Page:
Economics: recovery muted so far
Companies having foreign collaboration registered in October 2009
The Securities and Exchange Commission of Pakistan (SECP) registered 197 companies including 18 foreign Companies during the month of Oct., 2009. The total corporate portfolio as on 31st Oct, 2009 comprises of 53,977 registered companies. Foreign investment from diversified geographical location of countries around the globe reflects restoration of confidence in Pakistani markets and economy as investors in these 18 companies belong to China, Canada, U.S.A., U.A.E., U.K., Italy, Kazakhstan, North Korea, Lebanon, Netherlands, Panama, Philippines, and Singapore. Of these 18, foreign invested companies 4 have been registered in construction sector four in trading sector, 2 companies in power generation sector and 2 in mining and quarrying sector. Other 6 companies registered with the Securities and Exchange Commission of Pakistan belong to cable and electrical goods, healthcare, information technology, transport, textile and miscellaneous sector. Total 197 companies incorporated during Oct., 2009, comprise of 3 public unlisted companies, 179 private companies, 12 single member companies and 3 association not for profit under section 42 of the Companies Ordinance, 1984 (the ‘Ordinance’). Total authorized capital and paid up capital of companies, incorporated during Oct, 2009 amounted to Rs. 2,318 million and Rs. 304.21 million respectively. During Oct, 2009, number of new incorporation was highest at Lahore, whereby 66 companies have been registered, followed by Islamabad registering 61 companies, Karachi with 52 companies. Peshawar, Faisalabad Multan, and Quetta registered 6, 5, 4 and 3 companies respectively.
Major share of new incorporation was witnessed in the trading sector comprising of 39 companies, followed by 31 in services, 22 in construction, and 17 in information technology sector. During the month, the Commission granted licences to 1 association not for profit under Section 42 of the Ordinance, for promotion of education.
November 19, 2009
50bp DR cut, measured approach continues
Acknowledging the support required for real economic recovery whilst monitoring risks to macro stability, the SBP has opted for a gradual monetary easing stance with a 50bp cut in policy rate to 12.5% (announced yesterday).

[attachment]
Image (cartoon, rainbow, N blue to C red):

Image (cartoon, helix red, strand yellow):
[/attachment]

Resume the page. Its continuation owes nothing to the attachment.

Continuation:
Despite marked improvement in 1QFY10 macro indicators, sequential progress and growth in the real economy remains somewhat uncertain according to the Central Bank given pressure on fiscal financing and persistence of inflation.
We expect a positive initial response from the market, however uncertainty on fiscal account and security situation will continue to pose a question mark on the ability of the SBP to continue easing and hence keep stock market optimism in check.
Our view remains that economic recovery hinges on external & fiscal account where timing and magnitude of inflows (non-IMF) should lead SBP monetary policy decision in the next MPS due Jan-10.
KASB Securities and Economics Research
26th November, 2009
Monetary Policy: Hostage to foreign aid?
The State Bank of Pakistan has continued with its cautious approach and reduced the policy discount rate by 50bps to 12.5%, generally in line with consensus expectations. This is 150bps lower than its recent high of 14%. In its policy announcement the Central Bank based its decision on:
• Uncertain fiscal funding outlook especially due to lack of clarity regarding the timing of non-IMF funds inflow
• Potential inflationary risk emanating from supply-side factors such as production bottlenecks in the agricultural supply chain, expected increase in utility prices, and recent surge in international commodity prices.
We realize that the Central Bank (SBP) has limited maneuvering space given the high dependence of Pakistan’s economy on external funding at the moment. The main fear, we feel SBP has, is that if it eases monetary conditions too soon and too fast, the consequent credit demand jump from the private sector may put strain on banking system liquidity given the continued high public sector credit needs. So, it has decided to err on the cautious side. We believe however that this approach may be putting the Central Bank behind the curve in monetary policy thinking and implementation!
KSE: Insipid November-09 lack of triggers
Insipid Nov-09: KSE-100: +0.5% MoM; Volumes -40% MoM